We are on the western edge of warbler migration so here in South Dakota, it is always a very spotty event.  I tend to monitor locations in the eastern border of the state with mature trees and water like Milbank’s cemeteries, Hartford State Park, Sicca Hollow, and the park in LaBolt, but last year, the best fallout around here was at the cemetery on the west side of Aberdeen on a day when a “mega” rare bird showed up near Sand Lake NWR.  We had to abandon the fallout to chase the curlew sandpiper which after driving above the speed limit over there, flew away just as I got the scope on it.  I really didn’t see the sandpiper and I left many unidentified warblers in the Aberdeen treetops so it wasn;t the best of days even if it was the best day of the year.  So we’ll see if we have a good year or not.

They call a group of warblers by many nouns.  One I like is a “bouquet” of warblers but the terms “confusion,” “fall,” or “wrench” also works.  So far I’ve found some small wrenches, and logged two state lifer warblers.  A magnolia warbler and a chestnut-sided warbler this one which eluded my camera since I had ran out of battery power…the luck of Olaf.  I have such a paltry state warbler list...

Magnolia warbler, SD Lifer #295

 Blackburnian warbler

Palm warbler

Go out and find a pretty bird this week!  You might be surprised by what you see.


Friday, May 4, 2018

Marketing and self promotion

It seems always a little weird self-promoting something you did like a piece of art, a performance, or a book.  Despite everything Swedish in me telling me not to, to be frank, books don't market themselves, so I'll say it.  My new book is out!!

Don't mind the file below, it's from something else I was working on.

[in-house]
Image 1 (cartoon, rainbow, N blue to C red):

To be honest, I have to market the &&% out of this book or my garage will not have room for my car. .

Today I have my first two retailers locked up, Log Gables in Brule, WI and DDR Books of Watertown, SD.  I have also scheduled my first book event for June 5th, 7pm for DDR Books in Watertown, SD.

Some say it couldn't be done and some say it shouldn't have been done, but well, I have (I think successfully).  I have crafted a book about my two passions, birding and pike fishing, telling a lot of stories about my many zany pike fishing adventures AND my big year of 2016. 

Have I have fished with..?
a) A convicted murderer
b) A congressman
c)  An NFL and college sports legend
d)  A crazy Finn who only spoke Clint Eastwoodism English

The answer is ALL of the above.......the stories will leave you ..well....they will leave you scratching your head

The history of the Falun Sucker Club has never before been written

It has some good reviews so far.

I think that is the best book you have ever written